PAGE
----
The self-assembly of small organic molecules interacting via non-covalent forces is a viable approach towards the construction of highly ordered nanostructured materials. Among various molecular components, natural and unnatural nucleobases can undergo non-covalent self-association to form supramolecular architectures with ad hoc structural motifs. Such structures, when decorated with appropriate electrically/optically active units, can be used as scaffolds to locate such units in pre-determined positions in 2D on a surface, thereby paving the way towards a wide range of applications, e.g., in optoelectronics. This review discusses some of the basic concepts of the supramolecular engineering of natural and unnatural nucleobases and derivatives thereof as well as self-assembly processes on conductive solid substrates, as investigated by scanning tunnelling microscopy in ultra-high vacuum and at the solid/liquid interface. By unravelling the structure and dynamics of these self-assembled architectures with a sub-nanometer resolution, a greater control over the formation of increasingly sophisticated functional systems is achieved. The ability to understand and predict how nucleobases interact, both among themselves as well as with other molecules, is extremely important, since it provides access to ever more complex DNA- and RNA-based nanostructures and nanomaterials as key components in nanomechanical devices.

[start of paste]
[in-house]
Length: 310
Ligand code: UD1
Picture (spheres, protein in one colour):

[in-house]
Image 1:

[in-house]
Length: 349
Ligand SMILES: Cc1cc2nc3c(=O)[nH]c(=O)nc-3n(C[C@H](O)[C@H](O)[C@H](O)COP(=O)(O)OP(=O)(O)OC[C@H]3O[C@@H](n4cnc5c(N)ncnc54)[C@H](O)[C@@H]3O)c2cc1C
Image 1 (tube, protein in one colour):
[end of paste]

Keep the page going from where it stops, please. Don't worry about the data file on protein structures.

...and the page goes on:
Self-assembly of Natural and Unnatural Nucleobases at Surfaces and Interfaces

MASIERO, STEFANO;
2016

Abstract

The self-assembly of small organic molecules interacting via non-covalent forces is a viable approach towards the construction of highly ordered nanostructured materials. Among various molecular components, natural and unnatural nucleobases can undergo non-covalent self-association to form supramolecular architectures with ad hoc structural motifs. Such structures, when decorated with appropriate electrically/optically active units, can be used as scaffolds to locate such units in pre-determined positions in 2D on a surface, thereby paving the way towards a wide range of applications, e.g., in optoelectronics. This review discusses some of the basic concepts of the supramolecular engineering of natural and unnatural nucleobases and derivatives thereof as well as self-assembly processes on conductive solid substrates, as investigated by scanning tunnelling microscopy in ultra-high vacuum and at the solid/liquid interface. By unravelling the structure and dynamics of these self-assembled architectures with a sub-nanometer resolution, a greater control over the formation of increasingly sophisticated functional systems is achieved. The ability to understand and predict how nucleobases interact, both among themselves as well as with other molecules, is extremely important, since it provides access to ever more complex DNA- and RNA-based nanostructures and nanomaterials as key components in nanomechanical devices.
2016
Ciesielski, Artur; El Garah, Mohamed; Masiero, Stefano; Samorì, Paolo
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Utilizza questo identificativo per citare o creare un link a questo documento: https://hdl.handle.net/11585/528938
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